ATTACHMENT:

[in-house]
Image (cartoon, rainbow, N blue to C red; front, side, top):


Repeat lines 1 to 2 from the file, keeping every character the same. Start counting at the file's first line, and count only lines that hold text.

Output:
[in-house]
Image (cartoon, rainbow, N blue to C red; front, side, top):